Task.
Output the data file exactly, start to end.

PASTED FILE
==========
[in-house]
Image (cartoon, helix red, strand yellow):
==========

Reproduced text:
[in-house]
Image (cartoon, helix red, strand yellow):